Towards sustainable pond farming

In general, yields in pond farming are up to 4 times higher than the regional rainfed production levels and the contribution of pond farming to regional food security is increasing fast. It is, therefore, obvious that the sustainability of the system is crucial.
figure 2: Diversified pond farm (Verweij 2001)
However, not every farmer knows how to take care of these systems, which means that the euphoria of earning money from tomatoes did not last long. Those who planted tomatoes year after year have noticed that their soil is getting depleted and that the presence of pests and diseases is increasing. Production costs are increasing every year as more fertilisers and pesticides are needed to maintain the same production level. Unfavourable market prices cause even more frustration. These farmers now realise that the production and sustainability of their farming system depends on much more than just water. They realise that working with some factors and neglecting others is counterproductive. It is no use having water on the plot if the soil is deteriorated or eroded. Nor is there any sense in producing high amounts of products for the market if these can neither be sold nor transformed.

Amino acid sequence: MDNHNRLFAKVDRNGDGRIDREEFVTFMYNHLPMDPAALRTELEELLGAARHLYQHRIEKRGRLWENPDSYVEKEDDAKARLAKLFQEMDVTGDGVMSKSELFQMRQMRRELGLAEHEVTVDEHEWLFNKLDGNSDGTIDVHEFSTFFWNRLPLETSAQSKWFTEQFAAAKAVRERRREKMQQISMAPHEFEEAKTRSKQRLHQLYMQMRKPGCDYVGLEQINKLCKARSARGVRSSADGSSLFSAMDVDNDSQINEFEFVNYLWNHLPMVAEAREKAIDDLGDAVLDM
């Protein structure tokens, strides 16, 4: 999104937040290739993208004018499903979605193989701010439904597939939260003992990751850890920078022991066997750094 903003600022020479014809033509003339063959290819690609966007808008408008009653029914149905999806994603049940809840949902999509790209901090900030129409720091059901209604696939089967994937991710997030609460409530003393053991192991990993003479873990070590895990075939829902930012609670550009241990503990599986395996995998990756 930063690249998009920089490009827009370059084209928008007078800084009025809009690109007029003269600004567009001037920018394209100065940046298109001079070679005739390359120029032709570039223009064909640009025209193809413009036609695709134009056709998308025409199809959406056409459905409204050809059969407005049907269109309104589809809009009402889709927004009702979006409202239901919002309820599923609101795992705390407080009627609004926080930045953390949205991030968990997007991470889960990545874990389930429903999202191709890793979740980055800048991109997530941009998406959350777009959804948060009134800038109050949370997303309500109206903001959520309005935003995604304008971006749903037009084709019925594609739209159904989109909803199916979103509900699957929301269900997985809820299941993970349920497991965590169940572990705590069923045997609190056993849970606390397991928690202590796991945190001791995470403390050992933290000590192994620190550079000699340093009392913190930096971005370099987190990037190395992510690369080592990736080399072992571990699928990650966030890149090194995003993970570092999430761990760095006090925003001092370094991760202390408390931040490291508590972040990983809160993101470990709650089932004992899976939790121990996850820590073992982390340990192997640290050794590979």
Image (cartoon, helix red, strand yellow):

Fortunately, insight into alternative, integrated farming is increasing. About 10% of the farmers with a farm pond are experimenting with this third farming strategy, which is gradually being developed. These farmers diversify their cropping system and integrate livestock as well. Their plots are turning into regular orchards, with over 25 species of vegetables, grains, fruit trees, forage, aromatic herbs and flowers. There is a growing tendency to keep small animals like guinea pigs, hens, ducks, partridges, bees and fish. These families use their small plots to a maximum by growing crops around the borders of their farm pond and fruit trees, forestry species, ornamental plants, shrubs or forage alongside the fences. Since these plots are fenced in to keep animals out, wild vegetation grows in the corners and on the borders of the farm pond (fig.2).